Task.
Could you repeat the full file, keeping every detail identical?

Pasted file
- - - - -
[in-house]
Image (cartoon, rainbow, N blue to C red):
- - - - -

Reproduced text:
[in-house]
Image (cartoon, rainbow, N blue to C red):